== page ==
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25 September 2008 Applications and benefits of "perfectly bad" optical surfaces
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The design and manufacture of most optical systems revolves around the use of ideal optical surfaces. "Perfect" spheres or flats are optimally combined and toleranced during the design phase, and the manufacturers attempt to get as close as possible to these perfect optical surfaces during fabrication. One reason for this stems from the inherent capabilities of the industry's oldest and most pervasive polishing tool: the full-aperture lap. The shape and motion of these tools naturally produce spherical or flat geometries. More recently, a number of new manufacturing technologies based on sub-aperture polishing tools have become available. Sub-aperture tools enable local, preferential removal: a controlled way to polish more material at some locations and less at others. Magnetorheological Finishing (MRF(R) ) is one such sup-aperture polishing technology, and when combined with an accurate measurement, can offer a precise method for converging to the perfect surface: local removal based directly on measured surface height. This capability, however, can also be leveraged in other, more creative, ways. For example, by replacing the typical surface-error measurement by a transmitted wavefront measurement of an entire low-field optical system, a hitmap can be created for one surface in the system that will perfectly compensate for errors of all the other surfaces. This paper will explore a number of examples where "perfectly bad" surfaces have been exploited in actual optical systems to improve performance, improve manufacturability, or reduce cost. In addition, we will ask the question: if making a "perfectly bad" surface was as easy as making a perfectly good one, would this capability be used more widely by the precision optics industry?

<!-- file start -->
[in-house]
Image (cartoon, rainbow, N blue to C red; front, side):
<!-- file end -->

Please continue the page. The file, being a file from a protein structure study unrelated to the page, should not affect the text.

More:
© (2008) COPYRIGHT Society of Photo-Optical Instrumentation Engineers (SPIE). Downloading of the abstract is permitted for personal use only.
Paul R. Dumas, Robert W. Hallock, and Alex Pisarski "Applications and benefits of "perfectly bad" optical surfaces", Proc. SPIE 7102, Optical Fabrication, Testing, and Metrology III, 71020G (25 September 2008);

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